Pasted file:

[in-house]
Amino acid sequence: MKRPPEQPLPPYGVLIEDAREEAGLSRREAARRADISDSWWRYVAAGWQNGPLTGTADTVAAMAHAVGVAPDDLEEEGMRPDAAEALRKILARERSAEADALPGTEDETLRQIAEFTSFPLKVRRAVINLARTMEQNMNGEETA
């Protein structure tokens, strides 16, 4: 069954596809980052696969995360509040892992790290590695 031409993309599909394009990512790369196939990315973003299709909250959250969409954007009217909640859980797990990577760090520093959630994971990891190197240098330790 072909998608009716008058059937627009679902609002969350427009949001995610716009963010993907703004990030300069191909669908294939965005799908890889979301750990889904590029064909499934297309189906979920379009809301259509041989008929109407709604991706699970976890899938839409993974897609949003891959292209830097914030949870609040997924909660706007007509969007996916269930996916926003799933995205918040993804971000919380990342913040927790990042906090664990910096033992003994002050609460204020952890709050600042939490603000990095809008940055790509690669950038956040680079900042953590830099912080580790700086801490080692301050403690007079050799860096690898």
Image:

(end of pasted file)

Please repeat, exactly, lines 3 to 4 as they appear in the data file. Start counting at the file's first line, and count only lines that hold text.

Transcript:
């Protein structure tokens, strides 16, 4: 069954596809980052696969995360509040892992790290590695 031409993309599909394009990512790369196939990315973003299709909250959250969409954007009217909640859980797990990577760090520093959630994971990891190197240098330790 072909998608009716008058059937627009679902609002969350427009949001995610716009963010993907703004990030300069191909669908294939965005799908890889979301750990889904590029064909499934297309189906979920379009809301259509041989008929109407709604991706699970976890899938839409993974897609949003891959292209830097914030949870609040997924909660706007007509969007996916269930996916926003799933995205918040993804971000919380990342913040927790990042906090664990910096033992003994002050609460204020952890709050600042939490603000990095809008940055790509690669950038956040680079900042953590830099912080580790700086801490080692301050403690007079050799860096690898």
Image: